Glenn Schroeder

Using Plate in Weldments

Discussion created by Glenn Schroeder on Jan 28, 2015
Latest reply on Jan 10, 2019 by Glenn Schroeder

I've referred to using Plate in weldments on several Forum posts, and a member contacted me about sharing my files, so I created this Discussion in case someone else is interested.

 

For some background, a few years ago I created a folder with some plate profiles (simple rectangle sketches, centered on the origin, with additional points for alternate insertion locations).

This allows me to use the Structural Member function on the weldments toolbar to create Plate instead of doing it with Extruded Boss/Base.  By doing this the cut list properties (description, length, angle, etc.) for Plate are generated automatically by the software just like they are for Square Tubing, Channel, W-sections, etc., which saves a great deal of time.

 

I only created a few of the probably infinite number of plate sizes, but when needing Plate I just pick one that's close, then close out the Structural Member function, expand it, and edit the sketch to the needed size.  Since weldment sketches are copied when used for Structural Members and not linked you can edit the sketches in the Part without affecting the .sldlfp files.

 

 

The Description property is linked to the dimensions, so it will update if the sketch is edited.

 

 

[2019-06-19 Edit:  I was just reviewing this and remembered something.  If you have a circumstance where you want other factors to drive the width (or thickness) of the plate, after creating it you can edit the profile sketch inside the Part, make the desired dimension Driven, then fully define the sketch with relations.  By doing that the size will update to match edits farther up in the tree, and the Description property will update accordingly.]

 

You can use the attached file for plate, editing the dimensions after inserting the feature as described above, or use it as a template for creating more sizes (just open it, change to the desired dimensions, and "Save as..." to a new file name).  If you'd rather use configurations I've attached the Plate file.  It only has three configurations now, but more can easily be added.  I didn't bother with an Excel-based design table.  Instead I saved a simplified table.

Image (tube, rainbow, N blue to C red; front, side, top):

You can open the table and add new configurations as needed.  The configuration specific Description property will automatically be generated, with the correct dimensions, for each new configuration.

 

I was also asked about my criteria for multi-body Parts versus Assemblies when using weldments.  If it gets welded together, then I create it as a single part.  This includes nuts or other hardware that's welded to structural steel, which is one of the few times I ever insert a Part into a Part.  I know some people will break a multi-body part into separate parts and re-assemble them into an assembly when finished.  That's certainly one option, but I never have.  The "Select Bodies" button in Drawings makes it very simple to detail separate bodies.

 

Any bodies that get bolted together I create as separate parts in an assembly, but there's really no reason they couldn't be modeled as multi-body Parts also.

 

By the way, I've also created a folder with round profiles.  It works very well for rebar, cable, etc.

 

[2018-08-31 Edit:  I've recently revised my workflow for Plate, and am updating this accordingly.  I deleted all the files in my "Plate" folder, which had more or less random thicknesses and widths, and replaced them with a single file for each thickness (they're all 2 inches wide).  Of course, after creating the feature I almost always need to change the width, but I was pretty much always doing that anyway.  This way the name of the feature in the tree isn't showing the wrong size after the edit, and I have fewer files saved in the .sldlfp Plate folder.]

 

 

  I deleted the file I had previously posted here, and replaced it with the "0.2500" file.

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